Of course, the fun part of the game often comes in deliberately disrupting this schedule to throw off an enemy who’s expecting the game to play out in about this fashion. So many years after the game’s release, you’d think that it’s not possible to be surprised by enemy tactics and strategies… but almost every time I play, my opponent pulls off something new and interesting (and alarming).
That said, I’ve got a Starcraft game date set for later this week, and I wouldn’t want to reveal all of my strategies. Thanks, Brit, for giving me an excuse to muse on one of my all-time favorite games!

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Into the mouth of (massively multiplayer) madness

Earlier this month, my resistance finally broke down and I ventured into the world of online RPGs. My poison of choice is Guild Wars, which lured me in with its lack of monthly fees.
So far it has been a great deal of fun. It’s easy to play, and lets you jump right into the action (going on quests, killing monsters) without having to worry much about leveling up, bartering for trade goods with 12-year-olds, conversing with creepy 48-year-old males playing buxom sorceress characters, or spending countless hours increasing your Underwater Basket-Weaving skill.
Will this become an addiction? Will my real-life personality slowly merge with that of Thagar Bloodaxe, mighty hewer of orcs? Will I end up Ebaying my wedding ring in exchange for in-game money with which to purchase stylishly-fashioned armor for my character? I’d like to hope not, but time will tell.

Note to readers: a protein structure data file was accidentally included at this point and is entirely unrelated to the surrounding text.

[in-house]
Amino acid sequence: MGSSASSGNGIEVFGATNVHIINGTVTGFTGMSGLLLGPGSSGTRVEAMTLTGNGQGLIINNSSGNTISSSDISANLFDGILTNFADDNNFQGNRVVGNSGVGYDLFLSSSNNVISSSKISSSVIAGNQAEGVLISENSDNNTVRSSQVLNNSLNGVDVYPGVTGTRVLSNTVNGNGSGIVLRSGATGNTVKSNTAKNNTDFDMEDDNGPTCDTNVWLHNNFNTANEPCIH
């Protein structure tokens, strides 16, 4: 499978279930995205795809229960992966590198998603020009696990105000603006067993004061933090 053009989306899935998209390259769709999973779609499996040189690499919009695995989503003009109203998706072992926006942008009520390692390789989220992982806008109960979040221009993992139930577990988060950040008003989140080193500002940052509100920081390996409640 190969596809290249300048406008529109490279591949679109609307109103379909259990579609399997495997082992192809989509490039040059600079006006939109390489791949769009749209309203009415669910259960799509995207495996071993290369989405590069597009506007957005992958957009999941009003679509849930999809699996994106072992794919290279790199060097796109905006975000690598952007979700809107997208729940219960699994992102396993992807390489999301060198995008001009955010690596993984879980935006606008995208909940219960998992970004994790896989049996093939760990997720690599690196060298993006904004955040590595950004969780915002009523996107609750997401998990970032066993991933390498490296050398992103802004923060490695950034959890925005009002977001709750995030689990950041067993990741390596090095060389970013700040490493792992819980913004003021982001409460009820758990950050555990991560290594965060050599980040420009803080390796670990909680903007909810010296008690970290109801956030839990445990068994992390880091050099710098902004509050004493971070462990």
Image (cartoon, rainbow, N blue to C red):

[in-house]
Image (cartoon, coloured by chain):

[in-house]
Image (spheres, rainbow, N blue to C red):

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“Which way were we supposed to go, again?”: Information management in computer RPGs

I haven’t been doing too much computer gaming lately, but the one game I’ve been slowly working my through over the last few months is Morrowind, a fantasy RPG that had the misfortune of hitting store shelves at about the same time as Neverwinter Nights a few summers ago. Morrowind is, thus far, a very excellent game–its main feature is its extremely open-ended gameplay, with an almost bewildering amount of freedom given to the player.
While I recommend that you give Morrowind a try should you come across it, that’s not the main point of this little post. I’d like to think aloud for a moment about an oft-overlooked but important gameplay challenge that epic-scale RPGs like Morrowind face: helping the player keep track of all the information s/he comes across in the course of the game.
The world of Morrowind, and computer RPGs like it, is massive. The world map is sufficiently big that exploring it all could very easily take many dozens of hours of “real life” time; and the number of villages, cities, dungeons, and other Locations of Interest is enough to drive mad any but the most determined cartographer. When you consider that each location on the map can feature anywhere from 2 to 200 characters with whom to interact (“NPCs,” in RPG parlance), and each of those characters is ready to spout several pages’ worth of dialogue about the world of Morrowind and its secrets, the very thought of keeping track of all this information mentally is intimidating, to say the least. “What was the name of the town where I’m supposed to meet that contact, again?” the bewildered player soon finds himself asking. “What were the names of the local guild leaders? And did that guy say to turn north at the swamp, or south?”
Morrowind‘s sheer size makes it something of an extreme, but many RPGs suffer from being so big and populated that players can’t remember everything they’re told in the game. So how do RPGs go about trying to help players out in this regard?